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Kim Jong Un vows to bolster Russian ties, testing Biden’s strategy

North Korean leader Kim Jong-un meets with Russian President Vladimir Putin, April 25, 2019. (Kremlin/Released)
October 21, 2023

This article was originally published by Radio Free Asia and is reprinted with permission.

North Korean leader Kim Jong Un has signaled the “new era” of North Korea-Russia ties, hinting that his regime will leverage Moscow in addressing complex regional and international issues – a step which could complicate U.S. President Joe Biden’s global security approach amid Washington’s involvement in the conflicts in Ukraine and Israel.

Kim met with Russian Foreign Minister Sergei Lavrov in Pyongyang Thursday and vowed to “faithfully implement the agreements of the DPRK-Russia summit, and lay a stable foundation for the new era of the DPRK-Russia relations,” North Korea’s official Rodong Sinmun newspaper reported on Friday, referring to the abbreviation of the North’s formal name.

At the Party Central Committee headquarters, Kim told Lavrov that his commitment is to prioritize the “well-being of the peoples of both nations and intensively propel the crucial mission of nation-building,” according to the report, indicating that Pyongyang was set to bolster its cooperation with Moscow.

Kim and Lavrov shared “sincere opinions on significant matters of mutual interest, emphasizing the importance for both countries to actively navigate the intricate regional and international landscape,” Rodong Sinmun said, adding the two nations will “collaboratively broaden bilateral relations across all sectors.”

The paper suggested that the proposed tighter cooperation is aimed at building leverage against the U.S. and its regional partners. Broadening bilateral relations between North Korea and Russia, especially in strategic sectors like defense, economy, and technology, may be seen as a move aimed at enhancing their collective bargaining power and operational capabilities against the West. 

It could challenge the effectiveness of the international community’s sanctions regimes on both Pyongyang and Moscow, as well as the U.S. and its allies’ influence in navigating the region’s geopolitical complexities that are compounded by China’s maneuvers. 

Russia is sanctioned for its aggression against Ukraine, while North Korea for its nuclear ambitions. 

Kim and his Russian counterpart Vladimir Putin met at the symbol of Russian space prowess in Russia’s Far East last month, where they vowed to form an “anti-imperialist united front,” and agreed to boost their comprehensive cooperation, spanning from the economy to military. North Korea frequently labels the U.S. and its allies as “imperialists” when their diplomatic overtures aren’t met favorably.

On Thursday, Lavrov also met with his North Korean counterpart Choe Son-hui, where they agreed to take concrete steps in solidifying the “united front” that their top leaders had agreed to establish in September.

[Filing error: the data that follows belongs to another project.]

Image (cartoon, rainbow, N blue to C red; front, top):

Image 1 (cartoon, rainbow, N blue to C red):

The ministers explored “concrete steps and methods to elevate bilateral relations to better suit the needs of the current era and prevailing circumstances,” Rodong Sinmun said on Friday. This involved actively enhancing ways to speed up bilateral collaboration in diverse areas including “economy, culture, and cutting-edge science and technology via political and diplomatic channels.”

“The two parties engaged in detailed discussions and found common ground on fortifying collaborative efforts on various regional and international matters, including the dynamics on the Korean Peninsula and in Northeast Asia,” the media report said.

Deepening North Korea-Russia alliance has the potential to corner Washington, already preoccupied with the wars in Ukraine and Israel, into a more challenging position than it had hoped.

Lavrov also told reporters that Russia is seeking stronger cooperation with North Korea and China to counter the U.S. and its regional allies, as reported by Russian media Tass on Thursday.

“The United States, Japan and South Korea intensifying military activity here and Washington working toward moving strategic infrastructure, including nuclear aspects, here, are of great concern to us and our North Korean friends,” he was quoted as saying, calling the allies’ trilateral cooperation  as “unconstructive” and “dangerous.”

Lavrov said he wants to see regular security discussions with North Korea and China, regarding the Korean Peninsula situation, according to the Tass report.

Cheon Seong-whun, a former security strategy secretary for South Korea’s presidential office, said: “The U.S. seems to be at a crossroads. It appears that the Indo-Pacific strategy seems to have reached its limits.”  

Cheon noted that the strategy, arguably, was aimed at centralizing the U.S. efforts primarily on China through reducing its commitments elsewhere and redirecting its resources in Asia. 

“But the unforeseen events in Europe and the Middle East have already diverted the U.S.’s attention, and now the emergence of a North Korea-Russia alignment in Asia is further complicating matters. It has now become a structural issue.”

The pundit also explained that North Korea, recognizing what he described as a “new Cold War” era, appears to have already shifted its strategic stance, which is apparently less hopeful and reliant on dialogues with the U.S.

“It’s clear that the U.S. and its allies must recalibrate their strategies,” he added.